‘Bathhouse.pptx’ Review: A Fever Dream, Both Poetic and Mystifying

‘Bathhouse.pptx’ Review: A Fever Dream, Both Poetic and Mystifying

In “Bathhouse.pptx,” Jesús I. Valles investigates the fading history of gay bathhouses, bringing to life both the marginalized people who reveled in them and the forgotten people who cleaned them. The play — selected as the winner of the 2023 Yale Drama Series Prize by Jeremy O. Harris (“Slave Play”) — laces historical fantasy with melodic prose, loosely stringing together Valles’s ramblings like an epic fever dream. But if, like most such dreams, it’s far more captivating to the storyteller than to the audience, the work offers enough lyrical beauty to keep viewers listening, if not fully understanding, and yearning for more.

The story begins with an anxious 10th-grader whom Valles has called “Presenter” (Sam Gonzalez), a queer Latino student who is delivering a PowerPoint lecture (hence the title’s “.pptx”) about the history of bathing. Cleanliness, we are told, has dirty beginnings: It didn’t take long for humans to weaponize filth as a tool of shame against the poor and foreign. Presenter then tries to connect this to the topic he actually cares about: the commercialized bathhouse.

To do so, he elicits help from fellow students, but their presentation is derailed by unlikely apparitions: a conquistador, a small child, Laura Linney. To manage this unruliness in the play’s first half, the director, Chay Yew, over-relies on the same gimmick: Interlopers scurry out from the right or left side of the audience in a continuous loop. The act mirrors Valles’s spiraling language, but it’s repeated so often that we begin to anticipate the disruptions, rendering them less impactful.

Still, certain characters manage to stand out, including Chela (Claudia Acosta), an overworked cleaner at the North Hollywood spa that is the play’s other primary setting. Here, Chela has witnessed enemas, orgies and more — some of which we also witness. (The play acknowledges its theatricality by having the actors confess they aren’t teenagers performing these acts, but adults of consenting age.) But for Valles, Chela is more than just the help; she’s the winner in a daily “war of dirt and bleach and sickness and steam,” a paradox of service and control.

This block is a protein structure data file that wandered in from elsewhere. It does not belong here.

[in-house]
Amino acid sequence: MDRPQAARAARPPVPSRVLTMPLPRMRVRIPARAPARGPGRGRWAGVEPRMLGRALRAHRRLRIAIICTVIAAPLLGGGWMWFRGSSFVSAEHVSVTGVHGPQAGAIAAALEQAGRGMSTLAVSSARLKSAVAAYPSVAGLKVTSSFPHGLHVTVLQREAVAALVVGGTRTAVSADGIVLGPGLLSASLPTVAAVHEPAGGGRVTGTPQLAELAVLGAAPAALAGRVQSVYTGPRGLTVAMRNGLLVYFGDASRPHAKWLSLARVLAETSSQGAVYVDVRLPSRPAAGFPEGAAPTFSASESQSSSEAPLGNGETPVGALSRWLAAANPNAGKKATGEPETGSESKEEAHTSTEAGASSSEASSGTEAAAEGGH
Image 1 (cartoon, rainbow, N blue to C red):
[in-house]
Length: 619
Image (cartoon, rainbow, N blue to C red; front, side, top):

Like the rest of the dexterous six-person ensemble, Acosta plays several roles. But as Chela, she finds the tiny pockets of vulnerability, longing and humor that poke through this woman’s calloused personality. While the male strangers in the spa stumble into one another, sharing brief stories, desires and memories, Chela stands out as a fully realized character, embodying a depth that resonates beyond the surface. That Valles chose to honor the fullness of a Latina sanitation worker in a play so focused on Latino gay men does not seem incidental, but rather like a nod to those that even queer history overlooks.

Another nod to that hidden queer history is the high school itself, which sits on the former site of the bathhouse. You-Shin Chen’s set cleverly bridges the gap — the starkness of her classroom setting, with its bare walls and fluorescent lights, evoking sterility itself. That whiteness becomes a canvas for the hazy crimson, hot pink and indigo clouds that the lighting designer Reza Behjat uses during the bathhouse scenes.

Still, it’s hard to imagine any staging of “Bathhouse.pptx” that would make complete sense of Valles’s relentlessly abstract work, which is as rife with anecdotes you’ll never forget as with analogies you’ll never understand. It’s too intimately intertwined with Valles’s specific obsessions and anxieties about queer spaces to give over easily to any director or design team — a respectably ambitious effort, but ultimately an overreach.

Through April 22 at the Flea Theater, Manhattan; theflea.org. Running time: 1 hour 50 minutes.

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